A new flying robot can detect and avoid fast-moving objects, researchers report.
The new drone gets scientists a step closer to drones that can fly faster in harsh environments.
Although many flying robots have cameras to detect obstacles, it typically takes from 20 to 40 milliseconds for the drone to process the image and react.
That may seem fast, but it’s not quick enough to avoid a bird or another drone, or even a static obstacle when the drone itself flies at high speed. This can pose a problem with drones in unpredictable environments, or when many fly in the same area.
To solve the problem, researchers equipped a quadcopter (a drone with four propellers) with special cameras and algorithms that reduced its reaction time down to a few milliseconds—enough to avoid a ball thrown at it from a short distance.
The results, published in Science Robotics, can make drones more effective in situations such as the aftermath of a natural disaster.
“For search and rescue applications, such as after an earthquake, time is very critical, so we need drones that can navigate as fast as possible in order to accomplish more within their limited battery life,” says Davide Scaramuzza, who leads the Robotics and Perception Group at the University of Zurich as well as the NCCR Robotics Search and Rescue Grand Challenge.
“However, by navigating fast drones are also more exposed to the risk of colliding with obstacles, and even more if these are moving. We realized that a novel type of camera, called Event Camera, are a perfect fit for this purpose.”
Traditional video cameras, such as the ones found in every smartphone, regularly take snapshots of the whole scene, exposing the pixels of the image all at the same time. This way, though, it can only detect a moving object after the on-board computer has analyzed all the pixels.
Event cameras, on the other hand, have smart pixels that work independently of each other. The pixels that detect no changes remain silent, while the ones that see a change in light intensity immediately send out the information.
This means that only a tiny fraction of the all pixels of the image will need to be processed by the onboard computer, therefore speeding up the computation a lot.
Event cameras are a recent innovation, and existing object-detection algorithms for drones don’t work well with them. So the researchers had to invent their own algorithms that collect all the events the camera records over a very short time, then subtracts the effect of the drone’s own movement—which typically account for most of the changes in what the camera sees.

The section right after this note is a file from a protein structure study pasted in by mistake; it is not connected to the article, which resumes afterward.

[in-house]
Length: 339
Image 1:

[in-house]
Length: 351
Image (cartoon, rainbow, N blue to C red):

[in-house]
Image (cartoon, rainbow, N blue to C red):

Drone detection in 3.5 milliseconds
Scaramuzza and his team first tested the cameras and algorithms alone. They threw objects of various shapes and sizes towards the camera, and measured how efficiently the algorithm detected them. The success rate varied between 81 and 97%, depending on the size of the object and the distance of the throw, and the system only took 3.5 milliseconds to detect incoming objects.
Then the most serious test began: putting cameras on an actual drone, flying it both indoor and outdoor and throwing objects directly at it. The drone avoided objects—including a ball thrown from a three-meter (9 feet) distance and travelling at 10 meters (32 feet) per second—more than 90% of the time.
When the drone “knew” the size of the object in advance, one camera was enough. When, instead, it had to face objects of varying size, two cameras gave it stereoscopic vision.
The results show that event cameras can increase the speed at which drones can navigate up to 10 times, expanding their possible applications Scaramuzza says.
“One day drones will be used for a large variety of applications, such as delivery of goods, transportation of people, aerial filmography and, of course, search and rescue,” he says. “But enabling robots to perceive and make decision faster can be a game changer for also for other domains where reliably detecting incoming obstacles plays a crucial role, such as automotive, good delivery, transportation, mining, and remote inspection with robots.”
Nearly as reliable as human pilots
In the future, the team aims to test this system on an even more agile quadrotor.
“Our ultimate goal is to make one day autonomous drones navigate as good as human drone pilots. Currently, in all search and rescue applications where drones are involved, the human is actually in control,” says Davide Falanga, a PhD student and the study’s primary author.
“If we could have autonomous drones navigate as reliable as human pilots we would then be able to use them for missions that fall beyond line of sight or beyond the reach of the remote control.”
The Swiss National Science Foundation through the National Center of Competence in Research (NCCR) Robotics funded the work.
Source: University of Zurich